(SecurityWeek – Kevin Townsend) – Thirty-five percent of CISOs in the financial sector consider staff training to be the top priority for cyber defense. Twenty-five percent prioritize infrastructure upgrades and network defense.
The Financial Services Information Sharing and Analysis Center (FS-ISAC) polled more than 100 of its 7,000 global members to produce the first of its planned annual CISO Cybersecurity Trends Study. ISACs are non-profit organizations, usually relevant to individual critical infrastructure sectors, designed to share threat information among their members and with relevant government agencies. They were born from Bill Clinton’s 1998 Presidential Decision Directive PDD 63.
The FS-ISAC’s 2018 Cybersecurity Trends Report (PDF) notes a distinction in priorities based on the individual organization’s reporting structure. Where CISOs report into a technical structure, such as the CIO, the priority is for infrastructure upgrades, network defense and breach prevention. Where they report into a non-technical function, such as the COO or Legal, the priority is for staff training.
This could be as simple as CISOs prioritizing areas for which they are most likely to get funding. However, that staff training is considered the overall priority does not surprise Dr. Bret Fund, founder and CEO at SecureSet.
“I think that speaks to CISOs seeing first-hand how their largest risks of breach rest in the people component vs. the product or process components,” he suggests. “Executives and Boards cannot underestimate the need for a robust security culture inside their organizations; and the way that you achieve that is through proper education and training.”
Dan Lohrmann, chief security officer at Security Mentor, agrees. “The mission-essential business aspects that end user security awareness training is now playing in global financial organizations must be front and center surrounding around all data handling and incident response.” He recommends metrics-based training so that progress can be monitored.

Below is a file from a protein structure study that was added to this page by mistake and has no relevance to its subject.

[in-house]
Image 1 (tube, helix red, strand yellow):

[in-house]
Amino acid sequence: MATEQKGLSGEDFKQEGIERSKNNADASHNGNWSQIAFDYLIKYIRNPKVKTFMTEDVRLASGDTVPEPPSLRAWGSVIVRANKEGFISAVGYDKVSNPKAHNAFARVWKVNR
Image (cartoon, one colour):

The report finds no common reporting structure within financial organizations. Only 8% of CISOs report directly to the CEO. Sixty-six percent report to the CIO (39%), the CRO (14%) or the COO (13%). Despite these differences, there appears to be no impact on the frequency of reporting to the board of directors on cybersecurity.
Reporting most frequently occurs every three months (54% of CISOs). Eighteen percent report every six months, and 16% report annually. Only 6% report monthly.
There is no indication within the report on structural trends, which could provide an insight into the evolving role of the CISO. Greg Reber, CEO at AsTech, thinks this is an omission. “At AsTech, we see moves away from CISOs reporting to CIOs, as the incentives can be at odds,” he explains. “CIOs may need to get things done quickly to realize financial goals — moving processing to the cloud environments for example — while CISOs are chiefly concerned with risk management.”
He also notes a failure to comment on cyber risk insurance. “This falls into an ‘event response’ category, which we see as a top priority. However, it didn’t appear in the top three responses in this survey.” Reber equates ‘cyber defense’ with a Maginot Line philosophy, and believes resources should be balanced between defense and response.
“This report from FS-ISAC highlights the continued need for cyber awareness and vigilance from staff,” comments Stephen Burke, founder and CEO at Cyber Risk Aware. “Hackers are great at exploiting human nature, using social engineering tactics to gain their victims’ trust. Once they can get through defense and onto a user’s machine they may use sophisticated methods to stealthily move laterally across a network stealing data or credentials.”
FS-ISAC’s recommendations to its members based on its survey findings is that staff training should be prioritized regardless of the reporting structure. “People can be the solution to these growing online risks, or they can be contributors to the growing level of security problems,” says Lohrmann. “Effective security awareness training will enable the enterprise to successfully stop cyberattacks.”
Venture and M&A
Security awareness firms have been the subject of significant funding and M&A transactions in recent months.
Earlier this month, security awareness training firm Wombat Security agreed to be acquired by Proofpoint for $225 million in cash. In August 2017, Webroot acquired Securecast, an Oregon-based company that specializes in security awareness training. In October 2017, security awareness training and simulated phishing firm KnowBe4 secured $30 million in Series B financing, which brought the total amounbt raised by KnowBe4 to $44 million. Security awareness training firm PhishMe has raised nearly $58 million in funding, including a $42.5 million series C funding round in July 2016.